The number of applications received has steadily increased over the years, indicating that the desire for mobility is still very strong amongst artists and cultural professionals based in Asia and Europe.

Majority of the applicants applied within a framed type of opportunity, which means that they have been invited to or selected for participation in a cultural event abroad. Whereas, there were only a handful of applicants who were applying to travel for self-initiated projects. Whilst offer led opportunities are the main reason for mobility, practitioners are encouraged to develop their own research and exploratory ambitions.

The top 10 nationalities list is almost identical to that of 2017 and 2018, with the addition of Australia and Poland in 2019.  

India, Japan, Indonesia, Singapore, Italy, United Kingdom and China are among the top 10 nationalities of applicants since Mobility First! was launched in 2017.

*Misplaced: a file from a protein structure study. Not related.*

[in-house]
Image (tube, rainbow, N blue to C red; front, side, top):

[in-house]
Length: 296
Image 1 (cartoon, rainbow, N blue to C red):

Throughout the past three years, Mobility First! has consistently received the highest number of applications from India and from Asian nationalities in general.

Aside from the plausible wider mobility funding gaps within Asia, one reason for the higher Asian applications could be due to arts practitioners in Asia feeling the need to travel to experience the artistic, economic and political climate of other countries. 

As expressed by several Mobility First! grantees, in the Asian context, arts and culture are typically either secondary to economic developments or are predominantly viewed as a luxury, rather than an essential part of society. The disparity in perceptions of the arts and culture in Asia in comparison to Europe has hence inspired Asian arts practitioners to cross borders temporarily.

2) Mobility routes

From 2017-2018, Europe to Asia mobility routes comprised majority of the applications received. In 2019 however, the Asia to Europe mobility route was the most popular, comprising 43% of all applications, followed by Europe to Asia (37%) and intra-Asia (19%).